Through empty pockets, negative skins, trace fossils of life long past, we glean a glimpse of what once was, within the void. What objects, what formal voids will tell our story?
The bits of modern detritus, geo-teric landscapes and anachronous technologies that reveal the vast discrepancies within a world where capitalism’s breath is both hollow and colossal, tapping the pulse of every living being on this planet. Built up, and broken down, teetering on the edge of an existence so fragile that a silent wind seems to threaten what once felt rooted and stable beneath our outstretched palms?
A Serendipitous discovery of an curious origin; the archeological quality of clay compels the forms I make, and interactions that they evoke. When language fails to explain the nuances of material intimacy, clay & replication provides a platform for understanding humankind’s deep emotional history with our environment and the objects we surround ourselves with.
Particles come from the earth, deep histories already embedded; once again broken down, reworked, and polished into something new-passing through our hands, leaving our bodies, to return to the earth. How will these engineered reconstructions inherently alter the essence of their particles’ cycles? What small epiphanies can be revealed from what we hold, build and break with our fingertips? And what of the oily prints we leave behind? Who will be the ones to piece together the stories of our negative skins, whispering in the wind?
Using the remains of intention to construct a path through the future, I use casting and replication as a form of meditation to explore quiet moments left in the wake of human-kinds’ simultaneously ambitious and destructive drive to evolve, piloted by a deep sense of solastalgia.
The Seed Bank Project:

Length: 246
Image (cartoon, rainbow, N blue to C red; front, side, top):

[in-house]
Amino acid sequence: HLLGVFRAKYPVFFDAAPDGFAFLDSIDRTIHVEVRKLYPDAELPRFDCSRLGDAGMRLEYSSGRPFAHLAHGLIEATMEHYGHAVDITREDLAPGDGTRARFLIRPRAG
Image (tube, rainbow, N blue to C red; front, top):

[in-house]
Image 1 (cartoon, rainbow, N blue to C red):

The Seed Bank Project is a multi-era, multi-disciplinary project meant to span decades, cultures and (hopefully) climate phenomena here on planet earth. Hand-made, double-walled porcelain seed vessels are given out to collaborators, who then fill them with seeds that have precious ecological and cultural significance to the region in which they call home. The banks are completely autonomous from human maintenance, meaning they are specifically designed to control the interior seed capsule’s humidity, light and temperature when buried below permafrost utilizing both ancient and modern technologies. This sustains the seed’s ability to stay viable for as long as its’ DNA will allow. They are buried in-situ, where the seeds were harvested and acclimated to grow and become a cultural and ecological marker of what is, and inevitably, what once was. In return, photo documentation, information and the location are shared on a public resource data-base, joining a myriad of banks scattered all over planet Earth. These vessels arose from a welling sense of solastalgia, and a desire to think about artwork beyond its’ primary context. The root of the project stems from an admiration of clay’s inherent ability to bring people together, the desire to promote active local ecological awareness while sowing hope for the future, and as a sort of reckoning with the unknown.
-- Rachael Marne Jones
Rachael Marne is a ceramic and Mixed Media Collaborative artist, born and raised in Helena, Montana, graduating from University of Montana with her BFA (2011). She did her Post-bacc at Louisiana State University, and received her MFA at Montana State University (2018). Her work has taken her to many exciting places such as the Bayou of Louisiana, the rainforests of Brazil and the Glacial Fields of the Cordillera Blanca in Peru. The diverse ecologies of these places have influenced her drive to understanding the fluxious nature of Earth’s balancing act, and has sparked a deep curiosity within her to understanding humankind’s inevitable variability within the larger system. She is the founder of The Seed Bank Project (2017-ongoing) and was the first artist to attend the Global Sustainability Fellows Program this summer at the Arava Institute for Ecological Studies in Israel (led by the Sustainability Laboratory of New York). She is currently a Visiting Assistant Professor at St. Lawrence University in Canton, NY where she teaches ceramics & drawing, and continues her studio practice.